Wednesday, December 4, 2019

Farmhouse Cheddar Tasting and Making Camemberts

Hi Cheese-Lovers! :)

I opened the Farmhouse Cheddar that I made at the end of October. Farmhouse Cheddar is basically a short-aged Cheddar. It aged for just one month and it's supposed to be more moist and creamier than a regular Cheddar.

I didn't post a recipe because I wanted to see how it turned out first. There are good points and bad points.

Farmhouse Cheddar to the left - 3-month aged Cheddar to the Right

It looks right! It has the right texture! It smells awesome. We re-sealed half of the 3-month Cheddar that we opened in October - you can see how the 3-month Cheddar is very firm, no holes. This is because an aged Cheddar goes through what's called the Cheddaring process. A Farmhouse Cheddar doesn't. The Cheddaring process removes more whey from the curd to make a firmer cheese. So as you can see, both cheeses look right.

Despite good looks, once again, there is a little tang to it. And it didn't melt. I even tried a different bacterial culture this time so I'm guessing it's the milk or the acidity level during ripening.

No matter how much research I do, I CANNOT find any information about acidity of cheese during cheese making in LAYMAN's terms that talks about tang and melt. I don't have a chemistry degree!  None of the books I own on cheese making address this. Plus, I simply don't have the time or attention span right now to learn about all of the chemical/technical aspects of cheese making...but I'm going to try my darndest to figure all of this out so that I can have a nice mild Cheddar! I wrote to the owner of the cheese making store where I buy my supplies, I hope she can help me!

It's still good, don't get me wrong! We nearly finished it! :) But it's just a snacking cheese.

Another little experiment I'm doing is a new recipe for Camembert. I have a very good recipe for the authentic French gooey, runny strong flavoured Cam. The photo above is one of the Cams I made last Christmas. You can see how the cheese is firm on the outside and runny on the inside. The rind was beautifully developed as well - it was a great cheese! But this year I wanted to try one that was a little more mild and a lot more firm.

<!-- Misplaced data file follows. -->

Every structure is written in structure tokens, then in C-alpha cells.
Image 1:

So I tried a new recipe for a firmer Cam. I made them two days ago and they are air drying. They are quite holey...and the white bloom has already started to show up in places! These will be ready to taste in mid-January so I'll let you guys now how they turn out!


Leanna said...

I don't have the ability to taste the cheeses you made in the pictures but dayum, they all look wonderful. I kind of wish I was there.

Rain said...

Thanks so much Leanna :) I think we basically live a comfort food lifestyle now! I LOVE the runny Camembert cheese...I can't wait to see how this more firm one turns out! I'm going to try to make a Brie next year too!

Leigh said...

Now I want to try Camembert! And some cheddaring. I think I could do the technique with my basic homestead cheese recipe.

The only thing I remember about tang is what you already said, too much culture, too low a pH. Meltiness is a mystery to me too. And I see what you mean about the sci-techy explanations. They don't help me visualize the results, lol

Rain said...

Leigh, you just told me something I forgot, too much culture could add to tang. I wonder if I'm over-culturing. I think that it will take a lot of experimentation to get it all right. I was looking up the prices of PH meters, the good ones with the spears at the end so you can check the PH of the actual curd, they run up and over $300. I also think I'm going to try a different milk the next time too.

Fundy Blue said...

That farmhouse cheddar looks yummy! Way to go, Rain!

Rain said...

Thanks Louise! It is a great little cheese to make, just wish it wasn't so tangy!!

Martha said...

The cheese you make always looks amazing! With all the effort you put into this, you will perfect it.

Rain said...

Thanks so much Martha! I'm trying hard, I NEED to find out why they aren't melting!!! (obsessed!!!)